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Little v. Quin Rivers, Inc.

United States District Court, E.D. Virginia, Richmond Division

July 14, 2015

JANE LITTLE, Plaintiff,
QUIN RIVERS, INC., Defendant.


JOHN A. GIBNEY, Jr., District Judge.

This matter comes before the Court on the defendant's Rule 12(b)(6) Motion to Dismiss Count II of the plaintiff's complaint. In Count II, the plaintiff, Jane Little, alleges that the defendant, Quin Rivers, Inc., entered into an oral contract with her, but refused to pay her pursuant to the contract. Quin Rivers argues that the statute of limitations for breach of oral contract expired before the plaintiff filed her Complaint, thus barring any relief. The Court DENIES Quin Rivers' motion to dismiss because the record before the Court does not establish the statute of limitations defense.


Quin Rivers hired Little as its Chief Financial Officer in 2002. When Little accepted employment, Quin Rivers verbally agreed that she could perform accounting services for outside non-profits on an hourly basis. The outside agencies would pay Quin Rivers for Little's services, and Quin Rivers would pay Little 90% of the collected fees. The parties failed to fix a time for Quin Rivers to pay Little pursuant to the agreement.

In June 2004, Little began providing accounting services for outside agencies and Quin Rivers began receiving payments. Although Little performed outside accounting services at least until 2012, she has yet to be compensated by Quin Rivers in accordance with the verbal agreement.

Little says that Quin Rivers breached the oral contract in 2004, 2007, 2009, and on March 18, 2014, when its Board voted to deny her payment.[1] Little filed her two-count Complaint on January 9, 2015. In Count II of the Complaint, Little sues for breach of contract for failure to pay her for the outside services.


Virginia law requires three elements to establish a breach of contract: "(1) a legal obligation of a defendant to the plaintiff, ' (2) a violation or breach of that right or duty, ' and (3) a consequential injury or damage to the plaintiff.'" Westminster Investing Corp. v. Lamps Unlimited, Inc., 237 Va. 543, 546 (1989) (quoting Caudill v. Wise Rambler, 210 Va. 11, 13 (1969)). A three-year statute of limitations governs oral contracts. Va. Code § 8.01-246(4). This limitations period begins running "the moment the cause of action accrues, " and not when the plaintiff discovers her injury. Richmond Redevelopment & Hous. Auth. v. Laburnam Const. Corp., 195 Va. 827, 838 (1954); see Informatics Applications Gr., Inc. v. Shkolnikov, 836 F.Supp.2d 400, 416 (E.D. Va. 2011) (finding that the claim was not time-barred because it was filed within the limitations period after the cause of action accrued). Because Virginia courts strictly adhere to the statute of limitations, the plaintiff may only recover if she files her claim within three years of the cause of action arising. Va. Code § 8.01-230; see Burns v. Stafford County, 227 Va. 354, 359 (1984).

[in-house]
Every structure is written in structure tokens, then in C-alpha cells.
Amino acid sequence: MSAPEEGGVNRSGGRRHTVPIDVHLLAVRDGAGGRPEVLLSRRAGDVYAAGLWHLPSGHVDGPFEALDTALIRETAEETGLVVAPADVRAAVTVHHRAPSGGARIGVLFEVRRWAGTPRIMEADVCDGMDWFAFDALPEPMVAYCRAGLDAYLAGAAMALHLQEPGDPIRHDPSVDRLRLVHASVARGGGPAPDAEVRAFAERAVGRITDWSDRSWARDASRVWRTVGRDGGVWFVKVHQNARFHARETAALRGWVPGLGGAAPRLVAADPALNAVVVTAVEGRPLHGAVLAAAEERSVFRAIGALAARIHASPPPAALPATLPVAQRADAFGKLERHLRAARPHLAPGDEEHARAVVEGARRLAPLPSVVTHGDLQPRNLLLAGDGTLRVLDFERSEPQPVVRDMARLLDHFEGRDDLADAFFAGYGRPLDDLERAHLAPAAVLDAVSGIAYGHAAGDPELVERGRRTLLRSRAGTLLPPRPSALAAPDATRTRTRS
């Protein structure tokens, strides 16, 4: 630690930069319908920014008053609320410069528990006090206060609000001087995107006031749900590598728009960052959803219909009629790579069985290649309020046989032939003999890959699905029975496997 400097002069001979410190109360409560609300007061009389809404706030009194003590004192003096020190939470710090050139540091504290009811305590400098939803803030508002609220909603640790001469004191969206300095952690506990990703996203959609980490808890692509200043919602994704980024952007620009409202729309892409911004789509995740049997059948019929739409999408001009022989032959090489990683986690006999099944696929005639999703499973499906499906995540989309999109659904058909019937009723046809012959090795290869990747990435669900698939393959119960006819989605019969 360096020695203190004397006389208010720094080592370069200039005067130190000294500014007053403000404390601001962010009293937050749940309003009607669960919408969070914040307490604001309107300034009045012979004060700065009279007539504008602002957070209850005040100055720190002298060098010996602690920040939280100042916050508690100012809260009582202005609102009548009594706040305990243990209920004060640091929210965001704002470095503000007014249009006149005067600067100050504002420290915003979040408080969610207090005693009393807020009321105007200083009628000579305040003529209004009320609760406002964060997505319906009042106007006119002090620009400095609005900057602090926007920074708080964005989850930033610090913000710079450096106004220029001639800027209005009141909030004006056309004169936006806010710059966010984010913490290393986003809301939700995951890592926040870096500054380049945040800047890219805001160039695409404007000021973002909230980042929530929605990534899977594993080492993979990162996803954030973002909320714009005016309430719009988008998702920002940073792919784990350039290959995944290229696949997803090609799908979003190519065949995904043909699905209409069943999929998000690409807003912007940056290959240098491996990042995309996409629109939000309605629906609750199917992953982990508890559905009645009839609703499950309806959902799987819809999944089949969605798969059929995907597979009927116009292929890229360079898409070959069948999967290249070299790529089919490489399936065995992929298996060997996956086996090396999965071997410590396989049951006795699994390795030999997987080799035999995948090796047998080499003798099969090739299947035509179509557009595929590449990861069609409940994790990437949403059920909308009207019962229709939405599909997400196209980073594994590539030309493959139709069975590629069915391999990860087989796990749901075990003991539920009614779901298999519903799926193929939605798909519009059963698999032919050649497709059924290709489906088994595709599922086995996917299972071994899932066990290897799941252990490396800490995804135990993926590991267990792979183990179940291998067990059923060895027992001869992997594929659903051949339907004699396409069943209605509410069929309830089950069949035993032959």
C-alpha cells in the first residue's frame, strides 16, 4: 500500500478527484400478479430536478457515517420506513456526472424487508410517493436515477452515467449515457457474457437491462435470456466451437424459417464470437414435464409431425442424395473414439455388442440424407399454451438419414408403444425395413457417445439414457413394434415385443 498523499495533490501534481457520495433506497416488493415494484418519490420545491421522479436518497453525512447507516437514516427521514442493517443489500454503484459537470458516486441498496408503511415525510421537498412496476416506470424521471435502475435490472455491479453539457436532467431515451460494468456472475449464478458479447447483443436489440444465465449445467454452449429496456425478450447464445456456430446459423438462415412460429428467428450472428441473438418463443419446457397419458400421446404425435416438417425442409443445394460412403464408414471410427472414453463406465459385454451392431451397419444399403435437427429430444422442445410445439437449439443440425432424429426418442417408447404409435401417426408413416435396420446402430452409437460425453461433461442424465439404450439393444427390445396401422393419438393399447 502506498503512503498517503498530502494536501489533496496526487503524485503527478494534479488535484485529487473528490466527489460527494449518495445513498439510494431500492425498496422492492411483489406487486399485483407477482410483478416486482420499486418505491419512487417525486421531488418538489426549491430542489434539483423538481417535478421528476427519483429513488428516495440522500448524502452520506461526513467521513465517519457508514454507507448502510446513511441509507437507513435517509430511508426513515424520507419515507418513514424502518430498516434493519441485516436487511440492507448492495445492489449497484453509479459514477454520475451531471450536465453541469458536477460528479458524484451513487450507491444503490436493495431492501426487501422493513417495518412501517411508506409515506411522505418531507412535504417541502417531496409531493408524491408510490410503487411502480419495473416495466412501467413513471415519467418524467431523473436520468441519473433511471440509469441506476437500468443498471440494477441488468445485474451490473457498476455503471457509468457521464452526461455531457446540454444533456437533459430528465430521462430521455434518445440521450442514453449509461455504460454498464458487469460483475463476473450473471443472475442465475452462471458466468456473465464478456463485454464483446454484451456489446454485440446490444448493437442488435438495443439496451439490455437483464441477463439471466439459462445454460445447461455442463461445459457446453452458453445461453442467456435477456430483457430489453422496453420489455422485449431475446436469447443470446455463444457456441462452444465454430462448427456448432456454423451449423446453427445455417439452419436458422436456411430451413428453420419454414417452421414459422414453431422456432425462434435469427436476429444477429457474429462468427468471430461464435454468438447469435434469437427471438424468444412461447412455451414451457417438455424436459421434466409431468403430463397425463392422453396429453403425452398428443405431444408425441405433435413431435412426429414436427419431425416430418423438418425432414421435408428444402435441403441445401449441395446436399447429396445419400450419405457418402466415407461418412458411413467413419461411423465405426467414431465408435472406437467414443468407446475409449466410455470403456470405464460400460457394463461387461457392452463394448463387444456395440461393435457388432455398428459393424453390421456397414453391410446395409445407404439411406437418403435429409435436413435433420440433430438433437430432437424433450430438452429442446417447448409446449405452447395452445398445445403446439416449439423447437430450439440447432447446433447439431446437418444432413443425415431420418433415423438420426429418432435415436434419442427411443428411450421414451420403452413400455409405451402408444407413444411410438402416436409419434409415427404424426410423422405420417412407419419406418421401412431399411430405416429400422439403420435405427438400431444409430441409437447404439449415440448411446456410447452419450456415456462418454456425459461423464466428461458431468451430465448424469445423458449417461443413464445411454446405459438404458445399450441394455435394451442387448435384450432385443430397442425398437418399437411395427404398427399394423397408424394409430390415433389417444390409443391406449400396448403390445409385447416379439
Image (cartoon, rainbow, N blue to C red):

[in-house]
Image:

A. Analysis

The contract between Quin Rivers and Little is set for an indefinite term, and does not specify a time for Quin Rivers' performance. When a contract fails to designate a time for performance, each party must fulfill its contractual obligations within a reasonable time period. It is a factual question when a reasonable time for performance has passed. See Grossman v. Saunders, 237 Va. 113, 120-21 (1989) ("[W]hen a contract is silent as to the time within which an act is to be performed, the law implies a reasonable time, and what constitutes a reasonable time is generally an issue to be decided by a properly instructed jury"). While the reasonable date for performance is generally a jury question, in an appropriate case a court may award summary judgment when, as a matter of law, a reasonable date for performance has passed.

1. 2014 Breach of Contract

The plaintiff's claim for breach of contract in 2014 is not time-barred by Virginia's three-year statute of limitations for oral contracts. In considering a Rule 12(b)(6) motion to dismiss, the Court must accept the facts alleged in the complaint as true. Accordingly, the Court will assume that a breach of the oral agreement occurred in 2014. Since Little filed her claim for a 2014 breach of contract in 2015, the statute of limitations does not bar the 2014 claim.

2. Pre-2012 Breaches of Contract

Based on the record before it, the Court cannot determine when Quin Rivers should reasonably have performed the contract, and thus cannot conclude when the remaining breaches occurred. It is difficult to see how failure to pay for services rendered in 2004, 2007, and 2009 were not reasonably due before 2012-the date the statute of limitations began to run. It is theoretically possible that Little's performance could reasonably have been delayed until 2012, and, therefore, that the statute of limitations ...

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